Merging stellar and intermediate-mass black holes in dense clusters: implications for LIGO, LISA, and the next generation of gravitational wave detectors

  title={Merging stellar and intermediate-mass black holes in dense clusters: implications for LIGO, LISA, and the next generation of gravitational wave detectors},
  author={Manuel Arca-Sedda and Pau Amaro-Seoane and Xian Chen},
  journal={Astronomy \& Astrophysics},
Context. The next generation of gravitational wave (GW) observatories would enable the detection of intermediate-mass black holes (IMBHs), an elusive type of BH expected to reside in the centres of massive clusters, dwarf galaxies, and possibly the accretion discs of active galactic nuclei. Intermediate-mass ratio inspirals (IMRIs), which are composed of an IMBH and a compact stellar object, constitute one promising source of GWs detectable by this new generation of instruments. Aims. We study… 

Merger Rates of Intermediate-mass Black Hole Binaries in Nuclear Star Clusters

Repeated mergers of stellar-mass black holes in dense star clusters can produce intermediate-mass black holes (IMBHs). In particular, nuclear star clusters at the centers of galaxies have deep enough

Hunting for intermediate-mass black holes with LISA binary radial velocity measurements

Despite their potential role as massive seeds for quasars, in dwarf galaxy feedback, and in tidal disruption events, the observational evidence for intermediate-mass black holes (IMBHs) is scarce.

Breaching the Limit: Formation of GW190521-like and IMBH Mergers in Young Massive Clusters

The LIGO-Virgo-Kagra Collaboration (LVC) discovered recently GW190521, a gravitational wave (GW) source associated with the merger between two black holes (BHs) with mass 66 and >85 M ⊙. GW190521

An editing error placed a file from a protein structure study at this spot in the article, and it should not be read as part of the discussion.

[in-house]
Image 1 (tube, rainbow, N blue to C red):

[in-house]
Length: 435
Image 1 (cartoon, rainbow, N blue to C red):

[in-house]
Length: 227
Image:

Intermediate-mass Black Holes from High Massive-star Binary Fractions in Young Star Clusters

Black holes formed in dense star clusters, where dynamical interactions are frequent, may have fundamentally different properties than those formed through isolated stellar evolution. Theoretical

GW190521 May Be an Intermediate-mass Ratio Inspiral

GW190521 is the first confident observation of a binary black hole merger with total mass . Given the lack of observational constraints at these masses, we analyze GW190521 considering two different

GW190521: A Binary Black Hole Merger with a Total Mass of 150  M_{⊙}.

It is inferred that the primary black hole mass lies within the gap produced by (pulsational) pair-instability supernova processes, with only a 0.32% probability of being below 65  M⊙, which can be considered an intermediate mass black hole (IMBH).

Intermediate mass black hole formation in compact young massive star clusters

Young dense massive star clusters are a promising environment for the formation of intermediate mass black holes (IMBHs) through collisions. We present a set of 80 simulations carried out with

Intermediate-Mass Black Holes

We describe ongoing searches for intermediate-mass black holes with M_BH ~ 100-10^5 M_sun. We review a range of search mechanisms, both dynamical and those that rely on accretion signatures. We find

Evidence of Nonluminous Matter in the Center of M62

Theoretical models suggest that intermediate-mass black holes (IMBHs) may form and reside in the centers of globular clusters. IMBHs are still elusive to observations, but the accelerations of

The missing link in gravitational-wave astronomy: discoveries waiting in the decihertz range

The gravitational-wave astronomical revolution began in 2015 with LIGO’s observation of the coalescence of two stellar-mass black holes. Over the coming decades, ground-based detectors like laser

Intermediate mass black holes in globular clusters: effects on jerks and jounces of millisecond pulsars

Globular clusters may host intermediate mass black holes (IMBHs) at their centres. Here we propose a new method for their identification using millisecond pulsars (MSPs) as probes. We show that

The Japanese space gravitational wave antenna: DECIGO

The objectives of the DECi-hertz Interferometer Gravitational Wave Observatory (DECIGO) are to open a new window of observation for gravitational wave astronomy and to obtain insight into significant